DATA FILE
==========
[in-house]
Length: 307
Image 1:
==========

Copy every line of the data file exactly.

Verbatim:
[in-house]
Length: 307
Image 1: